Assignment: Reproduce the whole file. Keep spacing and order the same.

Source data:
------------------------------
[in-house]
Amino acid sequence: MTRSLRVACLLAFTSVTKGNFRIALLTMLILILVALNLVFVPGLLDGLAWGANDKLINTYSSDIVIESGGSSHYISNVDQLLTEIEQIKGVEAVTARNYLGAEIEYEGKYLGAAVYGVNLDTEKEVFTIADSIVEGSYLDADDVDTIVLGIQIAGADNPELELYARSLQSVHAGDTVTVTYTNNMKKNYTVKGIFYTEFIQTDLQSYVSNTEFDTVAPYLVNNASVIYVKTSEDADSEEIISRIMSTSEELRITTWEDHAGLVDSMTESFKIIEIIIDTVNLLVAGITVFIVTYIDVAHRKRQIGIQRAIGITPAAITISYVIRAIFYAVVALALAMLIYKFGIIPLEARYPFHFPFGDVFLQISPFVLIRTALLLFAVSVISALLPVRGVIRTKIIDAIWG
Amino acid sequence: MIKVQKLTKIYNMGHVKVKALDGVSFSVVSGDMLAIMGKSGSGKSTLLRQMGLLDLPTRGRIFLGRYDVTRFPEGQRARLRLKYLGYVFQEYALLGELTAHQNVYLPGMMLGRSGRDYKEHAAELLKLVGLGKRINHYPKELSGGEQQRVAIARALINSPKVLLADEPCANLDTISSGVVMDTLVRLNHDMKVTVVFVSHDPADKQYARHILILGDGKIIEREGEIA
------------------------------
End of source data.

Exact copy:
[in-house]
Amino acid sequence: MTRSLRVACLLAFTSVTKGNFRIALLTMLILILVALNLVFVPGLLDGLAWGANDKLINTYSSDIVIESGGSSHYISNVDQLLTEIEQIKGVEAVTARNYLGAEIEYEGKYLGAAVYGVNLDTEKEVFTIADSIVEGSYLDADDVDTIVLGIQIAGADNPELELYARSLQSVHAGDTVTVTYTNNMKKNYTVKGIFYTEFIQTDLQSYVSNTEFDTVAPYLVNNASVIYVKTSEDADSEEIISRIMSTSEELRITTWEDHAGLVDSMTESFKIIEIIIDTVNLLVAGITVFIVTYIDVAHRKRQIGIQRAIGITPAAITISYVIRAIFYAVVALALAMLIYKFGIIPLEARYPFHFPFGDVFLQISPFVLIRTALLLFAVSVISALLPVRGVIRTKIIDAIWG
Amino acid sequence: MIKVQKLTKIYNMGHVKVKALDGVSFSVVSGDMLAIMGKSGSGKSTLLRQMGLLDLPTRGRIFLGRYDVTRFPEGQRARLRLKYLGYVFQEYALLGELTAHQNVYLPGMMLGRSGRDYKEHAAELLKLVGLGKRINHYPKELSGGEQQRVAIARALINSPKVLLADEPCANLDTISSGVVMDTLVRLNHDMKVTVVFVSHDPADKQYARHILILGDGKIIEREGEIA